August 14, 2002
A China JournalThat's what moving about, this traveling is; it's this inexorable glimpse of existence as it is during those few lucid hours, so exceptional in the span of human time, when you are leaving the customs of the last country behind and the customs of the next one have not yet got their hold on you.
--Louis Ferdinand Celine
Journey to the End of the Night
In a hotel room in Beijing I am watching a news broadcast on the DW network, the Deutsche Welle network from Germany (http://dw-world.de/english). Its announcers are British in this version, though the network comes in 31 languages. A sharp-faced woman just reported that Saddam Hussein offered to have American congressmen come to Iraq and see if they think the country has weapons of mass destruction. The Americans called the offer a joke. From the report we would gather that all members of Congress are in agreement that there has to be a war against Iraq. They just disagree on details.
Donald Rumsfeld, in his unsurpassed wisdom, said congressmen would never be a substitute for weapons inspectors. Is that the question?
According to the report, Tony Blair is behind Bush's war plans, though only 40% of the British people are allegedly are behind it. I suspect 40% is a grossly inflated number.
The announcer is a woman. She is clearly supporting the American/British war agenda. She herself seems to have bloodlust in her eye as she promotes the war. Every move to avert war by the Iraqi government is painted as a sleazy way of avoiding the just punishment being arranged by the Bush administration. The war is portrayed as a foregone conclusion.
Doesn't everyone, including her, know that many innocent Iraqi civilians will be slaughtered in this bombing, and mass destruction will be wreaked upon a historic and precious city? Does anyone care? Certainly not this woman who takes a very large salary for looking pretty and reading clearly whatever she is told to read.
As I see this on a television so far from home -- in another world -- it makes me sick. It makes me feel ashamed to be an American. In this foreign country I wonder if people think Americans are all vicious, cold supporters of mass slaughter.
Maybe I can be one good ambassador for my country, at least for a few of the people I encounter.
People I meet are cautious talking about it. They are anxious. They don't want war. They like Americans. They like having Americans come visit and spend money. When there is war, Americans are more fearful of traveling. Humanitarian issues aside, it's bad for business.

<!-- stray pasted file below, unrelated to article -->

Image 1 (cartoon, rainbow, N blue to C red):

I met an American on a plane who used to be a staffmember of the Bush I administration. What America is doing in the Middle East is crazy, she said. If the Americans attack Iraq, she is afraid it will lead to World War III. I asked her how she thinks the alignments will form in such a war. "It will be us against everyone else," she said. "Who will support us? It will be Armageddon."
In an airport I came across a copy of the Financial Times. On the editorial page there is an arcanely legalistic argument justifying a U.S. attack on Iraq (see Financial Times). The legal logic is okay, if seen in a world of logic alone, undisturbed by the real-world facts of the slaughter of innocent men, women and children and the destruction of a historic city.
The subtitle sums it up: "By breaching the terms of the 1991 ceasefire, Saddam Hussein has given the US legitimacy under international law to attack…"
These kinds of arguments are always framed as though it's all about Saddam Hussein, ignoring the fact that Saddam would probably not be hurt himself until hundreds of thousands of Iraqis are killed, or forced to leave their homes, their country further destroyed. By focusing on Saddam, who is personally deserving of about any horrible fate that might come his way, it's possible to justify the killing of women and children without ever having to discuss the bloodshed, or to name it, or evoke images of it.
The author, John Chipman, director of The International Institute for Strategic Studies in London, builds his ivory tower case with the cool detachment of one who has never suffered at the wrong end of a bayonet. "The war was ended not with a treaty, but with a ceasefire," he proclaims. Eureka. The crucial distinction that gives George W. the justification he longs for to satisfy his bloodlust and settle the score with the man who embarassed his father.
Outside of the glass-house construction of Mr. Chipman, what we are seeing in clear terms is the familiar behavior of the bully, one who needs a justification to exert the superior force he longs to demonstrate to everyone. "What was that? What did you say? I heard what you said. You insulted my mother! I don't think I'm gonna stand for that. No decent man can stand aside and let someone insult his mother!"
It's odd that the author is so aptly named: Chipman. He provides the rationale for Bush, the chip on the shoulder of the bully.
-- By David Cogswell